Tuesday, January 25, 2011

Gratitude is not for Wimps

A team of psychologists is researching the science of gratitude and collecting evidence that it enhances one's quality of life.

"Far from being a warm, fuzzy sentiment, gratitude is morally and intellectually demanding, it requires contemplation, reflection and discipline. It can be hard and painful work."

Professor Robert Emmons assigned some students to write down five things they were thankful for each day and others to record five complaints. Three weeks later, the grateful students reported measurable improvements in psychological, physical and social well-being compared with their complaining classmates.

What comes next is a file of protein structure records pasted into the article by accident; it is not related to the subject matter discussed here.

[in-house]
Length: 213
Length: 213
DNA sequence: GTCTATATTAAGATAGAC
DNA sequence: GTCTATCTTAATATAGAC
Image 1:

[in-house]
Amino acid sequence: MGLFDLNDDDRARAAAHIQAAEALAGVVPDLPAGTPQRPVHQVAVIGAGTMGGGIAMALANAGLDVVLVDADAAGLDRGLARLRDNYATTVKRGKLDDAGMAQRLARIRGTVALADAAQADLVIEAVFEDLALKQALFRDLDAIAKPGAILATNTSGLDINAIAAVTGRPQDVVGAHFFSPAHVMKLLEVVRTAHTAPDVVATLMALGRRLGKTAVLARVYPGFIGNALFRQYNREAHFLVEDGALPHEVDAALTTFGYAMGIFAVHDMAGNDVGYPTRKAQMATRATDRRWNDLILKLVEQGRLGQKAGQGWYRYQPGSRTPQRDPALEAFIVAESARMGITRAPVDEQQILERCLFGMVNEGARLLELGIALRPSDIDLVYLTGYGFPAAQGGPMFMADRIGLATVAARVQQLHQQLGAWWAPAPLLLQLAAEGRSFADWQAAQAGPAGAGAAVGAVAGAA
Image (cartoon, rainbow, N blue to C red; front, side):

Since then, Emmons has conducted variations of the experiment in dozens of other study populations, including organ transplant recipients, adults with chronic neuromuscular disease, and healthy fifth-graders.

“We always find the same thing,” he says. “People who keep gratitude journals improve their quality of life.”

In his book he discusses 10 strategies to cultivate gratitude which include keeping journals, remembering the bad, learning prayers, appreciating one's senses, going through the right motions which will lead to positive emotions.

I am also reminded of several quotes:

The habit of giving only enhances the desire to give. ~ Walt Whitman

We make a living by what we get. We make a life by what we give. ~ Winston Churchill

Via Futurity